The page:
Seed of Chucky (2004)
It’s hard to take a film seriously when the tagline is “Get a Load of Chucky.” But the good thing about Seed of Chucky, I suppose, is that it doesn’t ask you to take it all that seriously. In that regard, Seed is a refreshing and funny horror film that isn’t quite on par with 1998’s super-cool Bride of Chucky, but is nevertheless a skillfully conceived entry in the long-running Child’s Play series.
Jennifer Tilly (Bride of Chucky) is back again, this time playing an exaggerated version of herself as a fallen B-Movie starlet. The only gig Tilly can get: costarring in a horror sequel about killer dolls. Ho ho. The other stars of the film within a film are, of course, Chucky (voiced by Brad Dourif) and Tiffany (voiced by Tilly). After a reunion of sorts with their long lost child (an androgynous doll born at the end of Bride of Chucky), our diabolical doll husband-and-wife-team decide their confused offspring needs a sibling. Their choice for a surrogate mother: Jennifer Tilly.
As the film progresses somewhat sloppily from one demented plot point to the next, some elements thoroughly entertain whereas others almost extinguish the film's fun level altogether. It seems as though almost every scene with Tilly is fresh, interesting, or satisfyingly grotesque. Her performance is brave, hilariously self-referential, and more than a little over the top. Her dual role as herself and as the voice of Tiffany provides fodder for many scenes that play on her star persona. One such sequence, involving a phone call between Tilly's personal assistant and Tilly as Tiffany, borders on brilliant.
Another bright spot comes in the form of funny-man director turned on-screen Tilly-obsessed paparazzi John Waters. His dialogue is cheeky enough to satisfy hardcore gross-out comedy fans (this film really is a gross-out comedy, at its most basic level), whereas the events that surround his character should be more than satisfying for the most ardent Chucky fan. The scenes with Waters help prove what's right in Seed of Chucky: the comedy and satire.
What's wrong with the film, I'm afraid, are most of the horror elements. The puppet design of Chucky and Tiffany's "seed" is absolutely abysmal. Named Glen or Glenda, depending on the parent (a heavy-fisted reference to the Ed Wood film of the same name), the androgynous doll looks more like a cross between Clay Aiken and the Leprechaun than either Chucky or Tiffany. This is most certainly not the same demented, violent newborn on display in Bride of Chucky. It's a terribly noticeable flaw for a film that is supposed to depend on the title character.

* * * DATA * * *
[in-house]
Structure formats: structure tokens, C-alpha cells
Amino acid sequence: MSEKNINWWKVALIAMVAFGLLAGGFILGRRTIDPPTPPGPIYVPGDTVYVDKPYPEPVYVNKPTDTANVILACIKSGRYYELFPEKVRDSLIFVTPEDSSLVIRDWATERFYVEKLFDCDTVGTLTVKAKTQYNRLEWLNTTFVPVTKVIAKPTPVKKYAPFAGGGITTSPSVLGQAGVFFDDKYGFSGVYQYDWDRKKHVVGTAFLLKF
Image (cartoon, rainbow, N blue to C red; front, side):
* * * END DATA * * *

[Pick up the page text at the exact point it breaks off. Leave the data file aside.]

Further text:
More importantly, most scenes that focus on the plight of Chucky and Tiffany have none of the blood-soaked chemistry found in Bride of Chucky. The gore in the film centering on the demented War of the Roses between Chuck & Tiff, while potent and considerable, seems to fall most often into the category of shock for shock's sake. If you want a specific example, check out the scene where Chucky attempts to collect some of his seed for later distribution. It'll leave most viewers reaching for the puke bag for all the wrong reasons.
Also, a couple of elements that made Bride a cut above the rest of the horror sequel crowd are strangely absent here. Ronny Yu and his director of photography brought a vibrant and lively visual flair to Seed's predecessor, making the film a creepy, malevolent piece of art house trash when it needed to be, and toning down the visual palette for scenes that were more comedic. There is no such ingenuity to be found in this current entry. The look of the film is very flat, Chucky and Tiffany don't muster a single scare, and first time director Don Mancini seems unable to frame Jennifer Tilly in a way that makes her appealing (and she is, I must admit, very deserving of appeal).
Mancini's script is also a downer. The dialogue is outstanding, don't get me wrong, but for a barely feature-length horror sequel, Mancini attempts to juggle far too many plot elements to make any one of them worthwhile. Between the story of the dolls, Tilly's stilted career and consequential seduction of Redman, Glen/Glenda's plight for sexual identity, John Waters' subplot, and a few other on-screen events, there isn't enough room here for a single plot to emerge, let alone standout and give us something to care about.
But as I stated earlier, Seed of Chucky is fun. Despite its flaws, it musters enough entertainment value to qualify as a good, if far from great, horror film. If you are a fan of the Chucky saga (Bride, in particular), you'll want to catch this interesting cinematic mix of humor and perversity. If you're looking for a truly scary horror extravaganza, you'll most likely want to skip it. For the most part, Seed is a gooey, hip diversion from the remake-infested doldrums of recent American horror. And since it's the fifth film in a rather dated horror series, that's saying a lot.